Setting up the machine and preparing the material is the easy part. The way you hold and move the gun is the key that governs the quality and appearance of your welds. Whenever possible, it’s best to use a two-handed grip on the gun and to support your hands, wrists, forearms or elbows in a way that allows you to move the gun smoothly, while maintaining precise control. The position of the gun and the distance from the gun to the work are crucial.
The farther the gun is held from the work, the farther the wire has to extend to meet the metal being welded. The length of the wire between the gun and the base metal is called the stickout and has a BIG effect on the quality of the weld. Normal stickout is usually around 3/8 inch. If you allow the gun to creep farther away from the metal it increases the stickout, which puts less heat into the metal and can decrease the coverage of the gas shield.
I normally push the puddle when I weld. Since I’m right-handed, that means the motion of the gun is toward my left. In most cases, the gun should be angled slightly in the direction of motion. This is called the travel angle, and 15 degrees is a good place to start.
Looking at the gun from the end of a seam, the angle of the gun to the work is called the work angle. For a butt joint, 90 degrees is ideal.
For a 90-degree fillet weld, the gun is normally held at 45 degrees, although this may need to be modified for thin metals. If a fillet weld is configured as an inverted T (like the photo below), the horizontal portion can dissipate heat on both sides of the weld. The vertical element ends at the weld, so it can’t dissipate as much heat; this sometimes causes burn-through. Angling the gun slightly away from the vertical element will help in situations like this.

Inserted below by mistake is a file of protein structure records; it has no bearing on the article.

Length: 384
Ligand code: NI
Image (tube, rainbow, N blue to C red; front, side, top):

The speed you move the gun is very important too. Going too slowly builds up an oversized bead and going too quickly may diminish penetration. Some welders hold the gun steady as they progress along the joint, but there are a variety of techniques for weaving or oscillating the gun that may be beneficial. There are no hard-and-fast rules here and I encourage you to experiment with subtle changes in the way you move the gun, paying close attention to how each change affects the weld. You can learn a lot by talking to and observing other experienced welders.
So how do you judge the quality of a weld? Ideally, the weld bead should be slightly crowned, with the toes or edges of the bead flowing nicely into the base metal. There should be full penetration, but not so much that there is excessive bleed-through on the back of the joint. The width and height of the bead should be fairly consistent from one end to the other, and there should not be any craters or voids in the weld bead. Many people test their practice welds by holding a welded part in a vise and bending the joint until it breaks. Ideally, the metal NEXT to the weld should fracture before the weld bead does.
It takes a lot of practice to get your welds to meet all these criteria — but the more time you spend with your helmet down, carefully coaxing the gun along its path, the better your welds will get!
With support from Miller, I made a 70-minute video titled “MIG Welding Made Easy.” This video gives comprehensive coverage of the points listed here, plus a great deal more. This is available to stream or download from my website: